Personal reflections on urbanism, urban life and sustainable urban design in Wellington, New Zealand.

Friday, October 19, 2007

Building rumours 19: Featherston Tower

With so many new buildings planned or rumoured at the moment, it's hard to know where to start. I'll round up some of the apartment developments soon, but for the moment here's something to show that, despite predictions from the anti-Harbour Quays lobby, there's still plenty of interest in building office towers in the core CBD.

A sign has popped up on the corner of Featherston and Waring Taylor streets advertising "Featherston Tower". This is an unusual development, since while most of it will be built on the site of what's now a low-rise building at 128 Featherston St, a lot of it will be constructed on top of the 11-storey Laptop Company Building next door.

Featherston Tower - current render?Interestingly, this is not the first we've seen of this project. DeepRed over at SkyscraperCity posted a link to the engineers' website, and that has some rather different renders:

Featherston Tower - old render?Apart from the apparent fa├žade differences, which may just be because the engineers are concentrating on the structural details, the main difference is that the southern section is significantly taller and appears to have an angled roof. Given the timing, I'd expect that the top render is what will actually be built, and I think it's quite an improvement.

Rather than a single, rather heavy slab, the building now reads as a slender tower adjacent to a floating glassy volume. The vertical fins on the tower section seem to extend slightly above the building itself, increasing the sense of slenderness and, if the detailing is handled well, giving a sense of the top of the building dissolving into the sky. While there's something to be said for the argument that a building's top and bottom should be marked architecturally, too often the tops of office towers have been capped with pseudo-domestic pitched roofs or quasi-Classical frippery: this seems like a more appropriate way to treat the top of a skyscraper without descending into pastiche.

It will be a shame to lose the existing brick building, partly because of the warmth of its materials and restrained Deco-ish details, but mostly because it's been a rare example of a cheap old building in the CBD that's allowed small and interesting businesses to get a start. Still, the signs are good that this will be a decent enough replacement, if not a brilliant piece of architecture. The earlier design was by ArcHaus: does anyone know whether the new version is the work of a different firm, or just an evolution of the design?


At 12:40 pm, October 19, 2007, Blogger Jack said...

That's a very odd experience. I'm currently sitting in Laptop House, and got about halfway through the second paragraph before I twigged that the proposal covered precisely where I'm sitting right now. --jack

At 12:50 pm, October 19, 2007, Blogger Tom said...

That must be weird! I imagine that it feels like a giant Tetris piece is about to be lowered on top of you.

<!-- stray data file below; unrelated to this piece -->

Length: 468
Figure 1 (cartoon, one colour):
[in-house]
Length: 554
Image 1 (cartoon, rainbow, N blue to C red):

The engineers' site refers a bit to the challenges involved in that sort of addition:

"This building is to be constructed partly over an existing building. Therefore the design needed to consider access for construction, impact on existing building and tenants as well as the construction of the new tower ... The floor plates are to be connected to the existing building floor plates to provide a 600m2 floor on all levels."

At 2:34 pm, October 19, 2007, Anonymous Anonymous said...

20 stories - so will that make this close to or over 100m. How many stories is the State Insurance building. Either way this will be a great addition to the new look Featherstone Street. Featherstone could really do with 2 or 3 decent tall buildings.

At 3:37 pm, October 19, 2007, Blogger Tom said...

"20 stories - so will that make this close to or over 100m."

Not necessarily: it'd be pretty rare to have 5m per floor for a standard office building.

"How many stories is the State Insurance building."

According to Emporis, it's 27 floors and 103m. I'd suspect that this Featherston St tower could end up being a bit shorter than the "Vodafone on the Park" building, or maybe a similar height depending upon what happens with those fins or spikes at the top.

At 5:52 pm, October 19, 2007, Anonymous Anonymous said...

It could conceivably be the same architect. I know with the Ascott Metropolis in AKL, it was designed by Peddle Thorp Montgomery, who often lean toward the mediocre. But the developer, Andrew Krukziener, has a reputation for perfectionism, and it shows in the Metropolis' design.

At 2:52 pm, October 20, 2007, Blogger Tom said...

An article in the Dom today confirmed that it's ArcHaus. Perhaps they do commercial buildings better than residential; maybe the council planners forced them into the changes; or maybe it's just that the client isn't going for a cynical cheap & nasty building for a change.

At 2:35 pm, November 02, 2007, Anonymous Anonymous said...


At 2:40 pm, November 02, 2007, Blogger Tom said...

Yes, I saw that. I've put my immediate response over on SkyscraperCity, but I'll write a bit more on it after the Kumutoto & Frank Kitts feedback has closed.


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